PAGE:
The Committee has thought it fit to separately classify the undertrials/convicted persons who are charged under the Special Enactments irrespective of the duration of imprisonment notwithstanding the fact that the punishment imposed could be less than 7 years. In that regard, what has weighed with the HPC is that such enactments provide for additional restrictions on grant of bail in addition to those under the Criminal Procedure Code. The said categorisation in our view cannot be considered as unreasonable since at the first instance, based on the categorisation made a consideration is required by the Court for grant of interim bail if such undertrial/convicted person is seeking bail purely on taking benefit of the notification issued pursuant to such decision taken by the HPC. The exclusion made has a reasonable basis and cannot be termed arbitrary. (para 11)

The court further noted,

Therefore, in the circumstance where the present consideration for bail is not provided under a statute but is made available based on the order passed by this Court and further, when a known criteria is formulated by the HPC, which had all materials before it, an interference with the same in a petition of the present nature in any event would not have arisen and the High Court was accordingly justified in its conclusion. (para 12)

The court, while taking note of the factual position as on 24.07.2020, as per details furnished, 10338 prisoners were released on interim bail/parole and presently 26,279 prisoners are in prison and the official capacity is only 23,217, also noted the appropriate measure taken by the government by setting up 36 temporary prisons which is currently occupied by 2507 prisoners and more will be shifted to avoid overcrowding. In the above view, the court concluded by observing the following:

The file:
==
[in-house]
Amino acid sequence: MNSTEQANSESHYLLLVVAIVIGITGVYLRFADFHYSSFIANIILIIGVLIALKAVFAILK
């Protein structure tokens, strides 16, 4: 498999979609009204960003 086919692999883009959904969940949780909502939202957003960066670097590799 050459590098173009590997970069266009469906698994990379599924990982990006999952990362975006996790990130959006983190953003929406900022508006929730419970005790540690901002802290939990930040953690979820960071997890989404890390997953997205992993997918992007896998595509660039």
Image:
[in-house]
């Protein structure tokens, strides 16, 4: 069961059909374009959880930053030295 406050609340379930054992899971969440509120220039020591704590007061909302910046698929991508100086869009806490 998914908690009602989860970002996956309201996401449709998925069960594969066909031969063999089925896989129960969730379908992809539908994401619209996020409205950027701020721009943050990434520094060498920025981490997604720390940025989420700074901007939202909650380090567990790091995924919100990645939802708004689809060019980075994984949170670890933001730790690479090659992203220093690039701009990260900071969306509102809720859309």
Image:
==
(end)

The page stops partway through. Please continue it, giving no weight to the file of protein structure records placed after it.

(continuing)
Therefore, it would still be open for the petitioners to obtain necessary statistics and if any modification of the guidelines is necessary in future, they will be at liberty to submit an appropriate representation to the HPC which would in that circumstance look into the same and arrive at a conclusion at its discretion depending on the need or otherwise to modify its guidelines. In that view, we are of the opinion that when such factual consideration to achieve the object alone is necessary and the HPC is constituted for the very purpose, interference in a judicial proceeding of the present nature to alter the criteria would not arise unless it is shown to be so arbitrary that no reasonable person can accept. But in circumstances where there is any individuous discrimination amongst the prisoners in same category and similarly placed, it would be open for the competent Court to examine the same to that limited extent when grievance is raised by the person who is denied the benefit if he/she is entitled to such benefit. (para 15)

With no order as to costs, the petition was appropriately dismissed.

- Kalidharun K M